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BW Businessworld

New Centres Of Power

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The Left was shown the door in West Bengal; the DMK-Congress combine was defeated by J. Jayalalithaa in Tamil Nadu; the Left-led LDF had a narrow miss in Kerala; the Congress won a third-term in Assam, but failed to retain Puducherry.

Of the five states that went to polls, the outcome in West Bengal and Tamil Nadu would impact national politics the most since it involves Congress' key coalition partners, Trinamul Congress and the DMK. The victory of Mamata Banerjee in West Bengal will see a more assertive Trinamul, while the rout in Tamil Nadu will make the DMK a meek partner at the Centre.

Curtains on 34 years of Left rule in West Bengal and the rise of Banerjee would engage observers of politics and business with equal excitement. The Left parties were widely considered a roadblock to modernisation. Its defeat is sure to give some relief to policy makers.

The defeat of the Left, however, does not mean the end of its brand of politics in West Bengal. Banerjee is known to be more Left than the Left — she rode the wave of protests against land acquisition in Nandigram for a proposed chemical hub and Tata's Nano factory in Singur to gain politcal mileage.

Banerjee's influence will not be limited to West Bengal. Her party is the second largest in the UPA. Her veto continues to hold the passage of an amended land acquisition bill.
The presence of Ficci secretary-general Amit Mitra in Banerjee's rainbow coalition, however, could be the silver lining for policy makers. Mitra is tipped to become West Bengal's finance minister and could also advise Banerjee on economic issues. Further, Banerjee herself has been assuring that she is not against industry.
"Bengal will show the way," Banerjee declared after the victory and promised industrialisation as well as protection of farmers' rights. It appears to be a difficult proposition.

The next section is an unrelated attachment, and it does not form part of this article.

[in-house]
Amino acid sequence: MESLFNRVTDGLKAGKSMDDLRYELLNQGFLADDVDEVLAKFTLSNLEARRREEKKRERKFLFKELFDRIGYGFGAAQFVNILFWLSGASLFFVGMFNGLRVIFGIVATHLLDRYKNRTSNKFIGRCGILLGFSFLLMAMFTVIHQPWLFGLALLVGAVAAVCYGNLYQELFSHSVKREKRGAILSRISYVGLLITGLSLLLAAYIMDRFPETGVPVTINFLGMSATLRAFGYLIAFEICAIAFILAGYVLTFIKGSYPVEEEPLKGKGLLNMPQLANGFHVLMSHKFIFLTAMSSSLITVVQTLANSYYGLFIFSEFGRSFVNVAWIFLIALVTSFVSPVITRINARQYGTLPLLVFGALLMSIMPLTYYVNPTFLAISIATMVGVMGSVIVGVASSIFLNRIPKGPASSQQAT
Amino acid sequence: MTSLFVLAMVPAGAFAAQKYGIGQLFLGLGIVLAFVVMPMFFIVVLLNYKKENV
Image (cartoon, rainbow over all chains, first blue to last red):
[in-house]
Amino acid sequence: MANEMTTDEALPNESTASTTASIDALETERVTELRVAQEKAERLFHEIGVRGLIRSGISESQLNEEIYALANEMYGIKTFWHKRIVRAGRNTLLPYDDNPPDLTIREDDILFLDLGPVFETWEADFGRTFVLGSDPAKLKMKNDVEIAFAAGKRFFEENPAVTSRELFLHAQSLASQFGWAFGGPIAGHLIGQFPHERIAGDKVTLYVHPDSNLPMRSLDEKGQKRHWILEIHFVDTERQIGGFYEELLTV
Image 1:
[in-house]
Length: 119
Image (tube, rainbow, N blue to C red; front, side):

Signals from Tamil Nadu, Kerala and most importantly a by-election in Andhra Pradesh do not bode well for the Congress. The rout of the DMK-Congress alliance and the Congress barely crossing the halfway mark in Kerala show that the issue of corruption swayed voters.

Polls in Tamil Nadu were fought in the backdrop of the 2G spectrum scam and it had formed Jayalalithaa-led AIADMK's main poll plank. Similarly in Kerala, LDF leader V.S. Achuthanandan had turned the corruption tide against the Congress-led UDF leaders. With a host of scandals rocking the UPA government, the Congress faces the danger of the disaffection spreading across the country. Another setback for the UPA came from the Kadappa by-election in Andhra Pradesh where Jagan Mohan Reddy won by a record margin. His rise could topple the Congress government in the state.

Assam was the only solace for Congress, where it returned to power for a third term with a decisive victory. The northeastern state, however, is not expected to bring much relief to the Manmohan Singh government. Assam may have been more a case of lack of a cohesive local opposition to the Congress than anything else.

The real challenge for the Congress will come in Uttar Pradesh, which goes to the polls next year. And what the UPA does in the meantime to rid itself of the many stains of corruption will come to bear upon that verdict.

The author is special correspondent, The Telegraph

(This story was published in Businessworld Issue Dated 23-05-2011)